Why COVID-19 Demands Action on Climate Change
As a scientist I study the ecology of disease. COVID-19 has shown the world the horrors of a pandemic. Climate change is an accelerator for pandemics. It’s time to wake up and take action -- our future depends on it.
Smith and colleague collect samples from poultry in a village in Uganda.
Before discussing pandemics and climate change let’s review some facts. For the past three months human life on the planet has been turned upside down by a tiny virus. The origin of the pandemic was most likely a spillover event from a wild bat to a human -- possibly aided by an intermediate animal host. For those of us who study disease, periodic pandemics are no surprise. They are simply a feature of human history and will reoccur in the future, even as we try to minimize their impact. Epidemiologists know that three out of every four infectious human diseases come from animals. The list of diseases that arose via spillovers tell a tragic story of human suffering: AIDs, Ebola, Yellow Fever, and now COVID-19. While the frequency of pandemics varies throughout history, the last major pandemic occurred a little more than 100 years ago, when the 1918 Spanish flu spilled over from birds to humans and killed upwards of 40 million people worldwide.
"Climate change is an accelerator for pandemics. It’s time to wake up and take action -- our future depends on it.”
In recent decades biologists have become increasingly concerned that the likelihood of spillover events may be increasing. This belief is based on the fact that as humans expand further and further into pristine habitats, they come closer into contact with wild animal species and their pathogens. For example, Tropical rainforests (where I work) cover only 7% of the land area of Earth, but harbor more than 50% of the species. With this incredible diversity of species comes a diversity of disease-causing organisms, most of which co-evolved with their hosts over millennia. Spillover events typically occur when you perturb a natural ecosystem where a host and its pathogens have co-evolved. Human activities such as building a road into a pristine rainforest or cutting down a patch of forest can expose humans to these pathogens. Another way is when wild animals are removed from their natural habitats and sold in wildlife markets for their flesh. Wildlife markets, common in many parts of Asia, Africa and South America, provide ideal mixing vessels for pathogens, allowing them to spillover into intermediate hosts such as domestic poultry or swine, or other captive wild animals, before infecting humans.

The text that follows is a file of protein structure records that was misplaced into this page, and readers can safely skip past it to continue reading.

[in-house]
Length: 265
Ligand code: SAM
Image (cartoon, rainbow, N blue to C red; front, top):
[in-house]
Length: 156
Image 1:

Rainforest, Dja Reserve Cameroon.
The dynamics of spillover events are often described as “viral chatter,” where the intensity and frequency of the chatter rises and falls depending on various circumstances and the proximity of wild animals, their pathogens and humans. Only on rare occasions, like the one we are currently in, are the conditions just right for a disease to take off and become a pandemic.
"Could climate warming increase viral chatter? Yes. As animal and human populations move in response to climate warming, new pathogens and animals will come into contact intensifying viral chatter.”
Could climate warming increase viral chatter? Yes. As animal and human populations move in response to climate warming, new pathogens and animals will come into contact intensifying viral chatter. It's estimated that some animals will need to move to higher latitudes, traveling hundreds, even thousands of miles to reach cooler climates, while other species will move up to higher elevation. Research tells us that many species unable to make these journeys are destined to contribute to a possible 6th mass extinction. For those species that survive, their new, future ecosystems will likely be radically different, providing many opportunities for hosts and their pathogens to reassort themselves in novel ways. With climate warming human populations will also move, coming into contact with new constellations of species and their pathogens. Numbers of human climate refugees will also dramatically rise, with refugee camps serving as ideal incubators for developing pandemics.
White-bellied pangolin taken in Central Africa Republic (photo by R. Rosomoff).
It’s reasonable to assume that rates of viral chatter and disease spillover events will increase under climate change and lead to new pandemics. Imagine if a spillover event of a pathogen such as Nipha virus, with a human fatality rate of 40 percent, coincided with mass migrations, a climate refugee crisis and civil unrest. This is a recipe for a disastrous, raging pandemic. What would our world be like if the frequency of pandemics shifted to every five-to-ten years instead of every hundred? Society as we know it might well cease to exist. There is only one way to prevent such a grim calamity: we must work quickly to lower greenhouse gas emissions to reduce climate warming and preserve biodiversity. Ultimately this will limit “viral chatter” for a safer, healthier world.
About the Author
Thomas B. Smith is founding director of UCLA’s Center for Tropical Research, founding co-director of the Congo Basin Institute and is a professor in the Department of Ecology and Evolutionary Biology, and the Institute of the Environment and Sustainability, at UCLA. Smith has more than 35 years of experience working in tropical rainforests. In 2015 he helped to create the Congo Basin Institute, a unique partnership between the International Institute for Tropical Agriculture and UCLA. The CBI serves as a regional nexus for interdisciplinary research, education, and training focused on finding solutions to the critical issues facing Africa’s Congo Basin, including those related to: climate change, water and food security, biodiversity and human health.